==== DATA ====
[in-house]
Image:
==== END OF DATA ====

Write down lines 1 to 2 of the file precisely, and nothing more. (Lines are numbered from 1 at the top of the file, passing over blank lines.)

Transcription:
[in-house]
Image: